"The so-called Clean Power Plan will skyrocket electric rates for Arkansans," said Attorney General Rutledge. "With the slow economic growth, no Arkansas family or business owner, especially those on fixed incomes, can afford these higher costs. This plan is illegal and thankfully the U.S. Supreme Court has put in place an unprecedented stay, preventing its implementation. I am pleased the D.C. Circuit has finally heard oral arguments in this case, and I am hopeful the court will recognize that the EPA overstepped and the plan should not be allowed to go forward."
Arkansas is part of a bipartisan coalition of 29 states and state agencies that are challenging the Clean Power Plan in the D.C. Circuit. In February, following a request from the coalition, the U.S. Supreme Court placed an injunction on the plan until its full legality can be determined.
Rutledge Announces Mobile Office Locations for OctoberTue, Sep 27, 2016
LITTLE ROCK – Arkansas Attorney General Leslie Rutledge today announced mobile office locations for October.
Rutledge created the mobile office initiative in 2015 to make the office accessible to everyone, particularly to those who live outside the capital city. Last year, office hours were held in all 75 counties, marking the first time that the Attorney General’s office has held office hours in each county across the State. Since January, 53 mobile offices have been held in an effort to help even more Arkansans.
The Attorney General Mobile Offices assist constituents with consumer related issues in filing consumer complaints against scam artists. Staff will also be available to answer questions about the office and the other services it offers to constituents. Attorney General Rutledge believes there is no issue too small for her staff to have a face-to-face conversation.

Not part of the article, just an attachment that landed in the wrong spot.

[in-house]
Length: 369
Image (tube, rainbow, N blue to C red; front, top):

Attorney General Rutledge recently expanded the services offered at mobile offices to include Prescription Drug Take Back boxes. Rutledge is partnering with local law enforcement agencies across the State who will handle a secure box and properly dispose of the prescriptions collected. Rutledge encourages Arkansans to bring their old, unused or expired prescription medications to an upcoming mobile office.
For more information about services provided by the Attorney General’s office, visit ArkansasAG.gov or call (501) 682-2007. Rutledge can also be found on Facebook at facebook.com/AGLeslieRutledge and on Twitter at twitter.com/AGRutledge.
The upcoming mobile office schedule is below:
Thursday, Oct. 6
Rison Senior Citizens Center
50 I.E. Moore Drive
Rison, AR 71665
Monday, Oct. 10
Carroll County Senior Activity and Wellness Center
202 W. Madison St.
Berryville, AR 72616
Tuesday, Oct. 11
Madison County Senior Activity and Wellness Center
903 N. College St.
Huntsville, AR 72740
Van Buren County
Tuesday, Oct. 18
Clinton Senior Center
311 Yellowjacket Lane
Clinton, AR 72031
St. Francis County
Thursday, Oct. 20
St. Bernards Medical Center Forrest City Senior Life Center
2550 S. Washington
Forrest City, AR 72335
Tuesday, Oct. 25
St. Bernards Medical Center Meyer Senior Life Center
715 E. Canal St.
Wynne, AR 72396
Thursday, Oct. 27
10 a.m.-11:30 a.m.
Fordyce Senior Citizen Center
608 Moro St.
Fordyce, AR 71742
Rutledge Files Antitrust Lawsuit Against Pharmaceutical Companies for Conspiring to Keep Monopoly ProfitsFri, Sep 23, 2016
LITTLE ROCK – Arkansas Attorney General Leslie Rutledge and 35 other attorneys general today filed an antitrust lawsuit against the makers of Suboxone, a prescription drug used to treat opioid addition, over allegations that the company engaged in practices to block generic competitors from joining the market and caused purchasers to pay artificially high prices.